Beverley Bell microlise

Senior traffic commissioner (TC) Beverley Bell told delegates at the Microlise Conference in Coventry this week she had no regrets about dealing robustly with the “various villains” she had encountered in her 17 years as a TC.

Speaking at her last public engagement before she steps down and hands the senior TC role to Richard Turfitt from 1 June, Bell who became TC for the North West in 2000, said: “The British public expect their regulators to be robust. And if we can’t be, who’s going to be?

“So I make no apologies to all those dodgy, difficult, nasty, dishonest operators that I’ve put out of business.”

Bell said the institution’s current focus, enshrined in its strategic objectives, was to deliver a much better service for the British transport industry than TCs have been able to provide in the past.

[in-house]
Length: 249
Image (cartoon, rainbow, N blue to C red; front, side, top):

“We are asking the DVSA and TCs to work together to concentrate on the serially and seriously non-compliant.

“When I appeared before the Transport select committee I spoke about the DVSA targeting that soft underbelly of small operators that are easy to target,” she said, adding that most of them are fine.

“It’s some of the larger organisations that don’t get things right. Often it’s down to the directors because they think ‘oh, it’s fine’.

“We look forward to working with the DVSA as it starts to target, much more than it has in the past, the serially and seriously non-compliant,” Bell said.

She added that when she first become a TC the wait for a compliant operator to get an O-licence was nine weeks, something that hasn’t changed 17 years on. She suggested you get what you pay for.

“You know how much an O-licence application is,” she told delegates. “It is about threepence-halfpenny in old money, and it means the TCs have been for a number of years under resourced.

“We meet as commissioners with the industry and we know that you would happily pay a little bit more for a better service,” she said.

Bell also called for the legislation underpinning the O-licence system to be updated as much of its dates from the 1980s and 1990s. “You only have to watch Ashes to Ashes to see how much life has changed since then,” she said.